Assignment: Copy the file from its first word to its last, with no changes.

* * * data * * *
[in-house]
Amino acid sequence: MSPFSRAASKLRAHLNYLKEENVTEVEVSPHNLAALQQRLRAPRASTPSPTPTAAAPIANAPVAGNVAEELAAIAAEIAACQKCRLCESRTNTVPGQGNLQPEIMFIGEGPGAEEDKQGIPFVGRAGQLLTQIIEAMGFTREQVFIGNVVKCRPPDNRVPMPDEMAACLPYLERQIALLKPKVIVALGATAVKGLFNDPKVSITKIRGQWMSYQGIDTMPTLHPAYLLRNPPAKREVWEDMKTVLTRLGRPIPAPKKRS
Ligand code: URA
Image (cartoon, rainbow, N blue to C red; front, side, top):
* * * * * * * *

[in-house]
Amino acid sequence: MSPFSRAASKLRAHLNYLKEENVTEVEVSPHNLAALQQRLRAPRASTPSPTPTAAAPIANAPVAGNVAEELAAIAAEIAACQKCRLCESRTNTVPGQGNLQPEIMFIGEGPGAEEDKQGIPFVGRAGQLLTQIIEAMGFTREQVFIGNVVKCRPPDNRVPMPDEMAACLPYLERQIALLKPKVIVALGATAVKGLFNDPKVSITKIRGQWMSYQGIDTMPTLHPAYLLRNPPAKREVWEDMKTVLTRLGRPIPAPKKRS
Ligand code: URA
Image (cartoon, rainbow, N blue to C red; front, side, top):